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GiveMeSomeCredit_Andy_CCFlickrWhile having a credit score won’t solve all your problems, it can certainly make your life a bit easier when it comes to financing a new car, purchasing a home, securing cell phone service or getting a line increase on your credit card.  Obviously, it really helps if your score also shows that you’re a low credit risk!

While the majority of U.S. consumers above the age of 18 have a credit score, there are millions of people who don’t have a credit report or credit score.  For example, young people who are just entering the credit market, recent immigrants to the U.S., consumers who opt to use cash or other non-credit payment options and people who are not recently active with their credit.  While no one knows the exact number of consumers who don’t have a credit score, estimates range from 30 to 50 million people.  That’s a lot of people who—either by choice or circumstance—fall outside of our “mainstream” credit system.

[Article: How Credit Inquiries Affect Your Credit Score]

While the exact criteria required to have a credit score varies by the different credit scoring systems used, all require some degree of credit history on a credit report in order to generate a score that is predictive of a consumer’s future credit risk.  For a FICO score to be generated, a credit report must contain at least one credit obligation that has been open for 6 months or longer and has been updated/reported on in the last 6 months (and no deceased status on your report).

For example, under this criteria, a person with just one credit account (a Sears credit card, for example) that was opened 8 months ago and updated (or reported on) two months ago would meet the minimum criteria required to be scored.  Conversely, a person with 15 credit accounts that have been paid off with the most recent activity being reported 10 months ago would not meet the minimum scoring criteria—and would, therefore, not have a score.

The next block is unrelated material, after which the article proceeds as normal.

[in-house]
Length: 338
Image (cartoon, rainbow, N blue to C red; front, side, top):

For consumers who have existing credit, this is why it is important to use it periodically.  For example, make a small purchase using an existing credit card and pay if off in full when the bill is due.  That way, you can maintain your credit score should you need credit in the near future.

[Featured tool: Get your free Credit Report Card from Credit.com]

The process is a bit more challenging for consumers who have no credit history.  It’s a “catch-22,” in which you need to have credit to be able to get it.  So here are a few tips on how to establish credit:

  • Credit unions, as they are membership-based, may offer products and services and/or special programs designed to help members who are new to credit.
  • Many banks offer secured credit cards.  This is where the available credit line (or portion of that credit line) is secured against a deposit that you’ve provided.  These secured cards are usually reported to the credit bureaus just like a regular credit card (be sure to confirm this with the bank before signing up).  As it is reported, it will help you build your credit history.
  • Ask a family member or friend to co-sign or be a co-applicant with you on a loan or line of credit.  Once approved by the lender, it will be reported on both applicants’ credit files. There is a big caveat to this approach, however. You want to make sure their credit is good (it needs to be if the lender is to approve the request for credit), and remember both parties will be liable for the payment of the credit if it is granted. This means if you manage the account poorly, your co-signer’s credit will suffer as well as your own.
  • Ask a family member or friend to place you as an authorized user on their credit card account.  Once approved by the lender, the history and activity of that credit card will be reported on both of you to the credit bureaus.  Again, enter into these relationships carefully as you want to make sure they are paying as agreed/carry low balances on that credit card.  Also note, any negative information on that card (historical or in the future) will be provided to the credit bureaus and could negatively impact your score.

Your credit score is an important part of your “credit DNA”—don’t take it for granted.

Image: Andy, via Flickr.com

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